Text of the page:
I have no experience with surfskis, although they look like an incredibly efficient way to cover some serious mileage. I will see what I can find about that article as well. Thanks again!

I apologize for my skepticism, it does sound like you have more experience than was immediately evident from your post. If we seem alarmist here it is because we often see highly unrealistic and even downright dangerous adventures proposed on here by unfamiliar people with no foggy clue what they are getting into. You seem to be taking a systematic long term planning approach to your trip.

I would suggest you spend the next year or two testing your mettle in cold rough waters as much as you can to dial in your comfort level with various clothing options and to practice self rescue in such conditions with a variety of kayaks. Perhaps trips to the Canadian maritimes, the coast of Maine or Lake Superior, all within a day or two drive.

Thank you
No worries, I know I write my posts like a third grader trying to make new friends. There is nothing to be gained from helping send someone ill-prepared into dangerous waters.

Thanks for your help. I have yet to make it to Lake Superior but it is certainly on my short list.

Ontario paddling
You mention you have paddles in Frontenac? Are you familiar with Frontenac Outfitters? They are an outstanding kayak shop within the park boundary. They have a wide range of boats and offer demos. Also, there is a very active outdoor group there, Cataraqui Canoe Club, which does frequent canoe and kayak outings in the region. There are many expert paddlers in the group including my friend Dennis who was at one time a Canadian national champion whitewater racer. They welcome guests on their. trips - I joined them for one several years ago and not only enjoyed good company but picked up some useful skills tips. I am hoping to head up there in September or October for another outing with them. Perhaps you prefer solo, but if you wanted to make some multi-day tours with skilled companions, that could be an option.

Buy local
The answer is “don’t Ship”. The cost of shipping both ways along with the risk of damage is more than the Kayak is worth.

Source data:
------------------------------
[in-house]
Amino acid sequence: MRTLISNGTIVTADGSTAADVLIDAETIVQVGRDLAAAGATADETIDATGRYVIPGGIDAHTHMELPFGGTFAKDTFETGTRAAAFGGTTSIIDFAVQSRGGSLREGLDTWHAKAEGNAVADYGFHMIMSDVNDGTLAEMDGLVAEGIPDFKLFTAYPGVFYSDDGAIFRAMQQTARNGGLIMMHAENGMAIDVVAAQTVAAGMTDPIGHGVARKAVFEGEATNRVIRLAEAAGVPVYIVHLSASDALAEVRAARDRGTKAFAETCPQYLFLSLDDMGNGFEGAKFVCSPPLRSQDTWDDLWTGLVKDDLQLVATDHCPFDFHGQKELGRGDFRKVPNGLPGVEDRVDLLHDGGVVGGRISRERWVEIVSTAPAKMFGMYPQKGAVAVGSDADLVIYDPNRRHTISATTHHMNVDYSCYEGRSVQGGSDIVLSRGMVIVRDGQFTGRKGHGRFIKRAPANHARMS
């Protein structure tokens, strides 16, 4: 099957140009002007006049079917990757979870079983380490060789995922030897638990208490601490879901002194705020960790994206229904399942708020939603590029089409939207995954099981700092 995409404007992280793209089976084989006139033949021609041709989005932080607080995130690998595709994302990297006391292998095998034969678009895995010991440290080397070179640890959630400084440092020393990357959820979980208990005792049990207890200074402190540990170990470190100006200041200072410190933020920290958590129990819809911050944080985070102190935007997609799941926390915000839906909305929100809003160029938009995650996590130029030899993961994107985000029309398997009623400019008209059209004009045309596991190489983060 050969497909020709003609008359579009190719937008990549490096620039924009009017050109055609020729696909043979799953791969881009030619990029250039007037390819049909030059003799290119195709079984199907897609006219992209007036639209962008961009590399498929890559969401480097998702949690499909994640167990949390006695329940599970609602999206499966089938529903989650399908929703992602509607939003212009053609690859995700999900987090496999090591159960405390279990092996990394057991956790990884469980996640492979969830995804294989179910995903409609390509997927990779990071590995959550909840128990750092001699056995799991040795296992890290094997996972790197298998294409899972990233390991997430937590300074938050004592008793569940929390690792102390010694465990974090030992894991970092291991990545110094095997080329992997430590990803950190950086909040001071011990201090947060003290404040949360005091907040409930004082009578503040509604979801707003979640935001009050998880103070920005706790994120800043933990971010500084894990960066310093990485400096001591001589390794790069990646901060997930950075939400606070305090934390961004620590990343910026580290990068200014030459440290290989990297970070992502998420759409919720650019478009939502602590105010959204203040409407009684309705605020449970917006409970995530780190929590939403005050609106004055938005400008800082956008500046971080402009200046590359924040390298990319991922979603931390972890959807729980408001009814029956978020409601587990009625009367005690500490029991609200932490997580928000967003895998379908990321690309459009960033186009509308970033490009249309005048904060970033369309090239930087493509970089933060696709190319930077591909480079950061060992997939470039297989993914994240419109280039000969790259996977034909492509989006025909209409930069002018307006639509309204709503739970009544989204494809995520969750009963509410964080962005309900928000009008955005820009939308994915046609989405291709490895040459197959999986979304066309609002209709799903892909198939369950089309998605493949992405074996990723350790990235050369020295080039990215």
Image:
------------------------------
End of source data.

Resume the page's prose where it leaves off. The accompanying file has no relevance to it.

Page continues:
IF you really need to ship, contact UPS or FedEx for their freight shipment.

give yourself time at location
Folks from the East Coast tend to make the mistake of thinking that their east coast experience relates to the West. It is difficult to comprehend the enhanced challenge and degree of difficulty of the Pacific experience vs. the Atlantic experience. We had an east coast fellow join our small group for climbing the Rockies. He would not listen to our advice and boasted about his mountain experience out east. The poor bastard died of exposure on that trip - a victim of his own vanity and ignorance.

SO… I suggest you get to Alaska early. Noodle around first before you make the big expedition. See how your gear and experience and strength stacks up to the Alaskan challenge. You can do it, but you can do it smarter and better with a little more exposure to the situation you will face

Nice references
I have not been back to Frontenac for a few years now. I have not done anything official with canoe clubs in that area, just paddling rivers to lakes on my own or with my uncle or dad. I am planning on heading to Algonquin for a good week or so next year…know anybody in that area? I haven’t started planning the logistics so I am open for any kind of itinerary. I could also take a look at Frontenac again and try to meet up with the club.

For now I am holed up down in Annapolis where I am working, so I am restricted to weekenders out on the Bay.